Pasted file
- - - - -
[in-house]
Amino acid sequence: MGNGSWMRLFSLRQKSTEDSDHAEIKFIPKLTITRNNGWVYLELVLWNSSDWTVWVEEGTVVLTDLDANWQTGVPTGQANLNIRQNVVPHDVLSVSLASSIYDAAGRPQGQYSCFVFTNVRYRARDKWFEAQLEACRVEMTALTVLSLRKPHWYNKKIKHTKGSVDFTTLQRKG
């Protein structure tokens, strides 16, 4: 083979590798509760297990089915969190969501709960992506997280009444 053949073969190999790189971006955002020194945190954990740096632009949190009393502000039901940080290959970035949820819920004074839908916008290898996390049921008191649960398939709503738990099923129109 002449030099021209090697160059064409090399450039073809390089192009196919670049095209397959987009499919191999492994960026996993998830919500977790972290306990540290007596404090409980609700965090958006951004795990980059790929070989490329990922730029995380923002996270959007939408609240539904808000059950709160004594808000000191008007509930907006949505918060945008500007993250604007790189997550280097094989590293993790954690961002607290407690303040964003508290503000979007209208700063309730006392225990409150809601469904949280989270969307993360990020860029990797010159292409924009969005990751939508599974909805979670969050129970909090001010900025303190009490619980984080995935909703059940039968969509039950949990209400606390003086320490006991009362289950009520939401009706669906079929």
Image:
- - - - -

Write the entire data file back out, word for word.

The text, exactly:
[in-house]
Amino acid sequence: MGNGSWMRLFSLRQKSTEDSDHAEIKFIPKLTITRNNGWVYLELVLWNSSDWTVWVEEGTVVLTDLDANWQTGVPTGQANLNIRQNVVPHDVLSVSLASSIYDAAGRPQGQYSCFVFTNVRYRARDKWFEAQLEACRVEMTALTVLSLRKPHWYNKKIKHTKGSVDFTTLQRKG
């Protein structure tokens, strides 16, 4: 083979590798509760297990089915969190969501709960992506997280009444 053949073969190999790189971006955002020194945190954990740096632009949190009393502000039901940080290959970035949820819920004074839908916008290898996390049921008191649960398939709503738990099923129109 002449030099021209090697160059064409090399450039073809390089192009196919670049095209397959987009499919191999492994960026996993998830919500977790972290306990540290007596404090409980609700965090958006951004795990980059790929070989490329990922730029995380923002996270959007939408609240539904808000059950709160004594808000000191008007509930907006949505918060945008500007993250604007790189997550280097094989590293993790954690961002607290407690303040964003508290503000979007209208700063309730006392225990409150809601469904949280989270969307993360990020860029990797010159292409924009969005990751939508599974909805979670969050129970909090001010900025303190009490619980984080995935909703059940039968969509039950949990209400606390003086320490006991009362289950009520939401009706669906079929």
Image: